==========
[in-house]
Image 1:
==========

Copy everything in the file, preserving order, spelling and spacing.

[in-house]
Image 1: